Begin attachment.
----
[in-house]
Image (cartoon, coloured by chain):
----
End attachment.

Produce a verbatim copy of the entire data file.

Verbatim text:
[in-house]
Image (cartoon, coloured by chain):